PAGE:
This post was inspired by reader Cassandra who wrote
“I just bought the P510… love love love it. Shot the moon- can’t believe the clarity. Shot a deer in the woods… couldn’t get it to focus past the tree branches- how can I focus on the subject during superzoom when there are objects nearby that the camera prefers to focus upon? help! ”
This is a really common problem for DSLR users, Bridge Camera users and Point and Shoot camera users alike. The main difference between them being the choice of focus modes available to each. The Focus Mode allows you to change how the Auto Focus system determines where the focus should be in the frame. In DSLR cameras you also have the option to focus manually. Let’s look at 3 tips which will help you with focusing on difficult subjects.
1. Check your user’s manual to see how many focus points you camera users. The focus points are the little red or green blinking lights you’ll see inside the viewfinder or on your LCD screen when you half press your finger on the shutter button right before you actually take the picture. DSLRS and some Bridge cameras will actually let you select which one of these focus points you would like to use. The default setting is Auto Focus Point selection where the camera choses what IT thinks you want to be in focus. 90% of the time it gets it rght as it usually focuses on the closest thing or the largest thing in the frame.
But if you are trying to be a little creative, this may not be what you want to focus on . This is especially true if you are using a large superzoom where you might be focusing on something really far away , through trees or slightly obscured by something in the foreground. In this case you might find it best to select the Center Auto Focus Point. That way you know that only whatever is in the centre of the frame will be in focus. Again check your user manual to see how to do this for your particular camera model.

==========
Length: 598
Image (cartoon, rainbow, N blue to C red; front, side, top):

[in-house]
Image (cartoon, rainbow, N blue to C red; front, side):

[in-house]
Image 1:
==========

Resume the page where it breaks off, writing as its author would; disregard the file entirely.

2. But what happens when you don’t want your subject to be dead center of the frame. Afterall don’t we all hear about the Rule of Thirds for a pleasing composition? That means your main subject needs to be off center a little. In order to focus on off center subjects you have a couple of choices. If your DSLR allows it you can select a focus point that is over the subject that you want to focus on. You will have to consult your specific user manual to find out how to do this . Alternatively you can use the Focus Lock Method.
The Focus Lock Method is where you -
- focus on your subject with the focus point set to the center.
- Then hold your finger on half way on the shutter button. (If you haven’t noticed before, the shutter button of your camera has a point half way where focus is obtained and then you fully depress the shutter button to take a picture. )
- When you keep your finger held on the shutter button half way down the focus is locked on your subject. You can then recompose your shot to the left ror the right, up or down to reframe your subject the way you wish.
- Then fully depress your finger on the shutter button to take the picture.
3. The first 2 tips work very well for stationery subjects or at least those that aren’t moving too fast. If you find yourself shooting at your kids’ T-ball game, it may be a little harder to focus on a moving traget using the methods outlined above.
This is where you need to change Focus Modes. Again, you will need to consult your manual on how to do this for your particular camera model.
In Canon you’ll be changing from One Shot to AI Servo mode and for Nikon it’ll be AF-S to AF-C.
You can now lock your focus on your subject and keep shooting while the camera will constantly readjust the focus on your subject as you press the shutter button. Makes catching toddlers on the move so much easier!
P.S. For lots more in depth information about how to use your DSLR to the max check out my newly revised online “Master your DSLR” course.